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  • Writer's pictureJennifer

Pesticide Violations: Not Just an Import Issue

Updated: Jun 28, 2023

Although you can’t “test your way to food safety”, testing can serve as a verification that your food safety system is performing as intended and/ or that you are in compliance with applicable regulations. Testing becomes complicated and contentious when applied to microorganisms, a topic worthy of substantial discussion. Testing is much more straightforward, and yet perhaps underutilized, when it comes to chemical contaminants that are more likely to be homogeneously distributed in products, such as pesticides.

In the United States, pesticides, and their application (and applicators) are well regulated. There has been less interest in testing produce grown in the US for pesticide residues than there has been for testing produce grown in countries with different approvals or limits. However, there has been a recent uptick in state regulatory testing, specifically by the state of California, that has revealed that even in the US, produce may occasionally exceed MRLs (maximum residue levels) or contain pesticides that are not approved for that crop.

Another facet of pesticide testing is compliance with the National Organic Program, for those products that are certified organic. Although ‘organic’ is a marketing claim, not a food safety issue, the program is still a regulatory program that is administered through the United States Department of Agriculture’s Agricultural Marketing Service. Organic certifiers, whether part of state governments or private entities, can collect samples to analyze for pesticides. If residues are found that are not approved for organic use, or are found above approved levels, the organic certification of the producer can be suspended or revoked. Much can be said about the intersection between organic and food safety, perhaps in future posts.

Prudent food safety and regulatory compliance professionals should leverage publicly available information to determine if a product they are handling has been associated with pesticide issues. Two fantastic resources include the USDA Pesticide Data Program and the FDA dashboard.

Each year, USDA’s Agricultural Marketing Service tests thousands of products for pesticides as part of the USDA Pesticide Data Program. Fortunately, the vast majority are in compliance. A review of Appendix J shows the product-pesticide combinations that were reported to FDA due to violations, either because the residues exceeded the tolerances set by EPA, or because a pesticide was detected for which there is no tolerance listed in the US. The appendix also shows if the product was imported or not, and reveals that pesticide violations are not limited to imports. When compared to the ratio of domestic versus imports tested, imported foods were more likely to be violative, but the difference is close—close enough to warrant about as much attention to domestic products as those that are imported. The table below shows the breakout:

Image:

Total # Domestic Imports

Sampled 10,127 (100%) 67% 30%

Exceed tolerance 54 (0.53%) 54% 44%

No tolerance set 374 (3.7%) 59% 40%

Another resource is the FDA dashboard. Although the dashboard only shows 10 recalls for ‘pesticides’ over the past 10 years, this does not reflect the true number of recalls due to pesticides. The “reason for recall” is an open text field so one must search for each pesticide by name (which this author did not do!) to get an accurate count. As a general term, “pesticide” associated recalls were nearly evenly split between class II and class III recalls. These recall classifications do not require public notification, which may lead to a lack of awareness of their occurrence. The dashboard doesn’t indicate if the product was imported or not, although countries of origin are sometimes noted.

When the FDA Foreign Supplier Verification Programs (FSVP) rule was enacted a few years ago, it brought increased attention to violative pesticide residues (at least associated with imported product). From a public health perspective, fortunately, most violative pesticide residues are unlikely to cause acute human illness. However, the limits are established for a reason and compliance with regulations is not optional. Importers should review if their suppliers have been placed on import alert due to pesticide violations, and/or if USDA AMS has associated the imported commodity with pesticide violations. Testing, either by the supplier or by the importer, is one tool that FDA provides as a way that importers can verify that the food they are importing meets US food safety standards.

In addition to considering pesticide testing for produce imported into the US, many companies in the US who are exporting to other countries need to verify that their products comply with the sometimes stricter requirements of the destination country. The EU is notorious for having pesticide residues that some argue are a non-tariff trade barrier. However, the EU does have a default 10 ppb (.01 mg/kg) for pesticides that are not approved. In contrast, if a pesticide is not approved in the US, there is no tolerance.

As weather conditions including the emergence of new pests and/ or wind shifts, and as crop rotations, production practices, and even agricultural neighbors change, there may be increased potential for “drift” or the inadvertent presence of an unintended pesticide on a crop. Testing is a useful component to understand and address regulatory risks associated with pesticides before they disrupt your business.

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